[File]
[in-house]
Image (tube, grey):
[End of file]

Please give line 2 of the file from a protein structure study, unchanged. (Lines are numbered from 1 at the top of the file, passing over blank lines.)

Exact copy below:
Image (tube, grey):